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6as7 pre-amp questions.

hey folks,

got some questions for ya:

going to try a 6as7 loaded with a step-up transformer for voltage gain connected to a 6as7 cathode follower. looking for overall gain of 6-8

A) for the step-up transformer.. what impedance ratios and primary inductance do I need?
B) for the cathode follower output... should I use a choke and cap output or just a 1:1 tranny? again what impdance ratios?

C) where is a good operating point for 6as7's ?
D) should I build a choke or 1:1 tranny with the exact DCR required to bias the cathode follower 6AS7 or add some fixed bias on the secondary of the step-up tranny?



Paid Member
2003-06-12 7:04 pm
Maine USA
> where is a good operating point for 6as7s?

Fat and HOT. 100V 100mA.

> for the step-up transformer.. what impedance ratios

Throw darts. The idea is so whacky that you can do it many ways. Which way is best is not clear at a glance.

Try loading the first tube's plate with 5X its plate resistance. That will give most of the Mu=2.7, and reasonably low THD. Say 1,250 ohms... oh, round to 1K ohms. Gain from grid to plate, cathode bypassed, is about 2.

You want gain of 7, you already have gain of 2, the output CF won't be perfect.... wind for step-up of 1:4. Secondary impedance is 1K*4^2= 16K. This is high enough that you need to rough-up a transformer design (don't forget the huge DC current), estimate the leakage inductance, and compare that to the input capacitance of the CF and your desired high frequency goal. This may be a very tough transformer.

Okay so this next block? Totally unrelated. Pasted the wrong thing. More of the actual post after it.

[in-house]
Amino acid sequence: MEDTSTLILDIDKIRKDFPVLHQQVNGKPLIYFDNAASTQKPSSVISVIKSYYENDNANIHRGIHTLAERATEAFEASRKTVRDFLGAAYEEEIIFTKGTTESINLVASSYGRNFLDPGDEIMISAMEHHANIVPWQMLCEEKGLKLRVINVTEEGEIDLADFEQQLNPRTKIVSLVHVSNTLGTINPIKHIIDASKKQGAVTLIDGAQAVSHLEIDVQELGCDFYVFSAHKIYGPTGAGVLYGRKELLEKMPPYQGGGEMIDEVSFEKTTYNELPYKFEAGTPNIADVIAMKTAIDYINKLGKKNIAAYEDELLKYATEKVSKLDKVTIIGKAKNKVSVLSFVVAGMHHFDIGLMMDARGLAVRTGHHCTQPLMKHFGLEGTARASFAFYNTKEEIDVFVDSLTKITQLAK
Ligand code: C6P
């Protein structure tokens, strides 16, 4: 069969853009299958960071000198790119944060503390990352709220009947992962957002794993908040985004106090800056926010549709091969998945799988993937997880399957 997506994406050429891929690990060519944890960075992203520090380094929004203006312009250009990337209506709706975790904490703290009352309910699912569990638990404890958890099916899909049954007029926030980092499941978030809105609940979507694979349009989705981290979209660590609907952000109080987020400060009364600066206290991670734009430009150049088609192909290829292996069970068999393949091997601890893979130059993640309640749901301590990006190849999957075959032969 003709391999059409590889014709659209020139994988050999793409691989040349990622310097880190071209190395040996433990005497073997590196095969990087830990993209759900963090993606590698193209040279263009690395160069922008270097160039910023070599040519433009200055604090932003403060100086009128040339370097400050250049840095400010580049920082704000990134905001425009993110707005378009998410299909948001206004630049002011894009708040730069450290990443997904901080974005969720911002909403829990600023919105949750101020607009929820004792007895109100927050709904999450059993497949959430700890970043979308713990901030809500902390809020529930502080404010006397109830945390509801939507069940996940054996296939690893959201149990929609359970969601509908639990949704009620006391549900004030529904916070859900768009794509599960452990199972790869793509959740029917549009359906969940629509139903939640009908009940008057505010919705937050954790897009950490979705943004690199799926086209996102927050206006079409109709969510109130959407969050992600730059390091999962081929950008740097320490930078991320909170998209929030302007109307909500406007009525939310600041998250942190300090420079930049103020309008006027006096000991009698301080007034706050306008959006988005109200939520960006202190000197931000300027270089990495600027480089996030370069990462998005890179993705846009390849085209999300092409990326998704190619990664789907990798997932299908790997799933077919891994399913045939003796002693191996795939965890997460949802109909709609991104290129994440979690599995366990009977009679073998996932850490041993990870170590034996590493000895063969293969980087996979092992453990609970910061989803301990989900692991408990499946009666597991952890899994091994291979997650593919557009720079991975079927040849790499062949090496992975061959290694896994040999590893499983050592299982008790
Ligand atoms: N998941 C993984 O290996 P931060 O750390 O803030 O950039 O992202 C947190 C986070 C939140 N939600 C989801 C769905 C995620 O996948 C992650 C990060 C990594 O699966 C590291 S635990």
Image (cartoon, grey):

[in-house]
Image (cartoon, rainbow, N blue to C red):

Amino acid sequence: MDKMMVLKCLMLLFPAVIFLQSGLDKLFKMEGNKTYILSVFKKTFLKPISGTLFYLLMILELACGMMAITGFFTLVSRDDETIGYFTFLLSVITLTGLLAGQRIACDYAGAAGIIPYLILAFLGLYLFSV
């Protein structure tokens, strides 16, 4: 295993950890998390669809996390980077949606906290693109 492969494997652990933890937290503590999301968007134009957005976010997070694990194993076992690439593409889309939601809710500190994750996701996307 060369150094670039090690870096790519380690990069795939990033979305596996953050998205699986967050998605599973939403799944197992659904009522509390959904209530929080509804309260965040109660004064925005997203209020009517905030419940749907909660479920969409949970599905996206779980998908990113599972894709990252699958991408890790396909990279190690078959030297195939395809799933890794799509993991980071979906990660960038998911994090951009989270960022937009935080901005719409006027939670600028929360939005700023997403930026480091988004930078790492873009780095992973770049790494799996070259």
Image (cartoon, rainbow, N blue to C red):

> primary inductance do I need?

What bass response do you demand??? Take the plate as about 250 ohms (near 100V 100mA) and the bass-limit, use a reactance chart or slip-stick or fingers: 1 Henry times 20CPS times 2pies is 125Ω, so 2 Henries will do you.

As a quick check of the idea: get a 230V:60V 100VA power transformer, use it backward. Response will be like 50Hz-5KHz, but in the 100Hz-400Hz range the gain and THD will be within a whisker of a custom-design transformer, and the bandwidth is enough to listen to and judge the possible worth of the concept.

Or did you mean to say you want the first tube cathode-loaded, not plate-loaded? Sure, now you need a 1:10 transformer. Since secondary impedance is already uncomfortably high for a wide-band single-ended heavy-DC transformer, you still want to be around 15K secondary, so you get (scribble....) about 150Ω primary. Ooops, that's awful low for the 100Ω cathode resistance of the tube. Once again we see why CFs are often poor choices.

I hate to sound excessive, but some of the transformer issues will be much easier in push-pull. And the house will be warmer.